Select and Seeing Caravaggio

Northwich Library - Free - Normal Library opening hours
Until  Friday 6 February

Select by Beth Barlow and Simon Kennedy

Click here to find out more about Liquid Artists Collaboration

Seeing Caravaggio by Michael Troy

When first “seeing” great art it was Caravaggio who had the most profound effect on me. His work is Dramatic!

I now know that the technique he used is called “chiaroscuro” and the realistic single source of strong light with slight reflection made a huge impact on my emerging style. I have had the privilege of travelling around Europe and seeing most of his works in the flesh!

As a form of discipline and focus I took stretch pads of Bristol Board, pencils and a clear mind and drew the original in black and white.

Each drawing took many hours and several visits to the museum concerned. Not only did it require me to ignore passers-by, but it required me to learn just what a remarkable artist he was!!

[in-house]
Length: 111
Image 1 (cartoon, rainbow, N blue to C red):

In the stark contrast of pencil work I grew to appreciate the marvellous composition of each piece.

1. The Boy Bitten by a Lizard - Florence
2. The Inspiration of St. Matthew - Rome
3. The Supper at Emmaus - London
4. The Incredulity of Thomas - Potsdam
5. The Taking of Christ - Dublin
6. The Crowning with Thorns - Vienna
Click on the city to find out about the original painting.

If I try to explain what I mean by compositor let me encourage you to look at The Crowning with Thorns more closely. Look for triangles of light.

From Christ’s shoulder a line extends to the fore ground tormentor’s arm which leads up to the rod he is using. The naked torso of this figure creates another triangle in itself and is in contrast to the chest of Christ. A further triangle is made by the second tormentor and this also leads Christ’s head.

There is a subdued triangle in the reflected light of the armour of the passive official in the fore ground to the left.

There is also a form of triangle in the rods since Christ is holding one in the opposite direction of the other more powerful two.

Click here to learn more about Caravaggio (1571 - 1610)

Articles in pdf form on Caravaggio here and here.